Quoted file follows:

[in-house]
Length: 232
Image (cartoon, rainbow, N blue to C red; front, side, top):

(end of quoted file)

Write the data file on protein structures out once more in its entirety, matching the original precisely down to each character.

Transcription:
[in-house]
Length: 232
Image (cartoon, rainbow, N blue to C red; front, side, top):